Capital punishment Should be the Penalty for Murder

Capital punishment Should be the Penalty for Murder

The death penalty is an inhuman, cruel and degrading punishment. It is more of vengeance and a morally dubious idea rather than retribution. Capital punishment in Hong Kong was eliminated in 1993. However, before that capital punishment was a normal sentence in Hong Kong for offenses like kidnapping that ends to death, murder and piracy. The last execution in Hong Kong was the murder of Wong Kaikei who was executed in Victoria prison in 1966 (Wai-Kin, 2019). This was a year before the British parliament eliminated the death penalty. Ideally, murder was considered to have a mandatory sentence since 1842 when the common law was first used where a mandatory death sentence was applied for offenses of piracy, murder, and treason. Regardless of the circumstances, nature or who is accused of the crime, innocence or guilt, the death penalty in all cases should be exempted as a method of execution.

A death penalty cannot be reversed. Ideally, the death penalty is irreversible action and irrevocable punishment. There are high risks that an innocent person may be executed due to serious doubts over their guilt. Over the years, absolute judgments have led to people paying for a crime that they never committed. The justice system is never 100% accurate thus the juries and judges can convict an innocent. Ideally, some people turn up to have never committed the crime thus innocent. The fact that they were only sent to jail and not executed their sentences are irreversible.

The death penalty breaches several human rights including the right to live free from inhuman, cruel, torture and punishment and the right to life (McCafferty, 2017). Each individual has an absolute human right to life despite their actions thus executing a murderer will violate their human right to life. Ideally, capital punishment is morally wrong and unjust. Human life is valuable and thus even when murderers are found they should be deprived of the value of life. Considerably, the value of the life of the offender cannot be deprived due to the conduct of the offender. When an individual murders another, the correct action is not to murder the person but to try and help them out. Considerably, people cannot steal from thieves since they stole or rape therapists. Thus, it is not effective to condone an action or a crime by repeating the action. The death penalty takes away the attention of the crime from the victim and pays attention to the criminal.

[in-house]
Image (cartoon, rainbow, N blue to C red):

The reason why societies have laws is to educate the criminals about what is wrong and what is right as well as regulate the behaviors of the citizens (Clark, 2017). However, capital punishment has not performed any of these functions. Criminals have no chance of reforming or even educating the public over things that they have learned about their crimes. Thus, it has not even deterred other criminals from committing such crimes. At some points, it is believed that the death penalty will deter criminals from having the same crimes again.

Considerably, it is undeniable that criminals who have been executed cannot commit more crimes. However, this is not a sufficient justification for execution since other ways can be utilized to ensure that the offenders do not commit such crimes even when in jail. For instance, education or rehabilitation is a more suitable way to approach this issue since the main aim of having the criminals is to let them know their mistakes and help them in building a better and healthier attitude towards life. Thus, education is a soft and more effective way of leading healthy attitudes to the public and criminals. There is no evidence that the death penalty is effective in lowering the crimes as compared to a life sentence. Before capital punishment was abolished in Hong Kong, there approximately 128 death sentences that had been passed in Hong Kong which means there were still crimes even after death sentences (Wai-Kin, 2019). This clearly shows that the death penalty cannot deter crimes since it is not more effective compared to the prison term.

Real justice demands that people suffer for their wrong practices and suffer in the most appropriate way for the crimes they have committed. Considerably, each criminal should get what their crimes deserve which means, therefore, most people perceive that a case of a murder, their crime only deserves death. Of all the crimes in the society, none of those crimes is more serious than the crime of murder, unlawful and intentional taking of human life.  Apart from treason and espionage, murder has been the only crime that deserves the death penalty. However, there is a need to continue challenging the idea of an eye for an eye.

In conclusion, capital punishment is a culture of violence and is never an answer to serious crimes such as murder. The death penalty will remain an inhuman, cruel as well as degrading punishment. Executions violate the right of life and evidence shows that they have not deterred such crimes. The notion of capital punishment for murder cases should be eliminated as options of punishment.


Clark, R. (2017). To Abolish the Death Penalty. In Capital Punishment (pp. 176-180). Routledge.

McCafferty, J. A. (2017). Capital punishment. Routledge.

Wai-Kin, V. H. (2019). Criminal Law in Hong Kong. Kluwer Law International BV.




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